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Treatment of thyroid cancer (carcinoma) abroad

Thyroid cancer rates as one the highest incidence among all the other tumours of the endocrine system. Illness often arises because of other thyroid gland pathologies and can affect adults as well as children.

 

The most dangerous is anaplastic thyroid cancer.However, it is also a rare form of thyroid cancer. It is often diagnosed late due to its aggressive growth rate, early metastasis and generally has a resistance to treatment. 

 

Causes of Thyroid cancer

Main risk factors of thyroid cancer are: 

  • Female sex
  • Women - age of 40-50, men – age of 60-70
  • Poor genetic background
  • Deficiency of iodine in the body
  • Ionizing radiation (the most significant risk factor in the age of 21 years)

 

Thyroid cancer treatment abroad

 

Background diseases that increase the risk of cancer:

  • Hyperplasia of the thyroid gland
  • Nodular goiter
  • Adenoma and adenomatosis of the thyroid gland
  • Diffuse hyperplasia of the thyroid
  • Inflammatory processes

 

Patients who suffer from thyroid cancer have: 

  • Benign tumours  - 65% of patients
  • chronic thyroiditis - 15% of patients
  • nodular goiter - 10% of patients

 

If a person was diagnosed with nodular goiter, the risk of thyroid cancer during his/her lifetime increases by 6%. If diagnosed with toxic adenoma, it exceeds 8%. Only 15% of all cases arise without any background illness. 

 

Thyroid cancer symptoms

 

Symptoms of Thyroid cancer

Thyroid cancer symptoms are nonspecific. They are also characteristic for benign formations.

 

Main symptoms of the illness are: 

  • Presence of a palpable formation in the neck that grows in size over time. Its growth can be slow or rapid, depending on the histological type of cancer.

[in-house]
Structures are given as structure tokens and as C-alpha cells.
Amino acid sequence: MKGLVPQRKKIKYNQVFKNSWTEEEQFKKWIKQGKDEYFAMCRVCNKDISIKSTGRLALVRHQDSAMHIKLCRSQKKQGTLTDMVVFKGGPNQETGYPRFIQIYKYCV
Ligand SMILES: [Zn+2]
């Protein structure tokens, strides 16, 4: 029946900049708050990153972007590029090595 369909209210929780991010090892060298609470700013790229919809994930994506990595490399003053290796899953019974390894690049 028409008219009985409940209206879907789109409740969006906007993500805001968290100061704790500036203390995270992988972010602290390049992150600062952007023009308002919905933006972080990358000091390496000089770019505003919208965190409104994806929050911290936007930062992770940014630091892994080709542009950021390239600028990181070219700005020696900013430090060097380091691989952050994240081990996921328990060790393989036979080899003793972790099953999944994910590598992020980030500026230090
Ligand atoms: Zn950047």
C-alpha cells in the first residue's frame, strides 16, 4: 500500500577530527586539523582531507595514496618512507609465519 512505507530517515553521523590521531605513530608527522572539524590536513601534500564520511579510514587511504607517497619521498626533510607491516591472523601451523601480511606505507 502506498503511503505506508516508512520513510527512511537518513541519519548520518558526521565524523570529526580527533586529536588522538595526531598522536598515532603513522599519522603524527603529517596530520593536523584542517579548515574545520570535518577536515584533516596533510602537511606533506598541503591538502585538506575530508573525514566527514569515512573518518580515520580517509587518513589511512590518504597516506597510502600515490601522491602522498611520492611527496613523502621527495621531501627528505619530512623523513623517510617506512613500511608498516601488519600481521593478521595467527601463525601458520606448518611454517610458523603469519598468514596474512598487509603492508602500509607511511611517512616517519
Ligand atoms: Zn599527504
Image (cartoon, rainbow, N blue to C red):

• Swelling in the neck.
  • Hoarseness or changed voice tone quality. Hoarseness does not disappear. It is associated with the germination of the tumour into the larynx.
  • Dysphagia (swallowing malfunction). It is caused by mechanical squeezing of the pharynx and oesophagus.
  • Pain in the front of the neck. Irradiation in the ear is often noted.
  • There is usually difficulty breathing if thyroid cancer sprouts into the trachea.
  • Persistent cough, usually without sputum.

 

Some forms of thyroid cancer are asymptomatic for several years and the size of the tumour can be less than 1 cm for a long time. 20% of patients experience first symptoms of cancer as a result of metastasis into the lymph nodes, lungs or bones. 

 

Thyroid cancer diagnostics

 

Diagnostics of thyroid cancer

Instrumental and laboratory research methods make a basis for the diagnostics. Clinical examination do not confirm alot, since malignant and benign thyroid gland formations are not much different in size and shape.

 

Ultrasound of the thyroid gland reveals what type of formation there is in the thyroid gland. It can be hard (a nodule) or a cavity with fluid (cystic formation). With the help of an ultrasound, a number of nodules can be counted. Ultrasound is also used to control the puncture biopsy procedure.

Fine needle biopsy of the node is carried out with the help of a needle. Several tissue samples are taken for cytological examination. The doctor conducts a biopsy of all nodules with more than 1cm in diameter. Also, all suspicious (according to ultrasound) nodules are investigated. If necessary, a lymph node biopsy is done to identify possible metastases. 

Excisional biopsy is performed under anaesthesia. Main indications are: vague results of cytological examination. A fragment of the thyroid gland is taken with the help of surgery. Then, its histological examination is carried out. If the cancer is detected in the sample, the extent of the operation increases. The diagnostic procedure in this case turns into a fully-fledged surgical operation aimed at removing the thyroid gland, lymph nodes, and, if necessary, other affected tissues. 

Positron-emission tomography is a high-tech research method, available in German hospitals. A method based on the iodine ability to accumulate in the tissues of the malformation. PET evaluates the stage of the pathological process, to detect metastases, to detect the recurrence of cancer in time after treatment. 

 

Additional research methods are: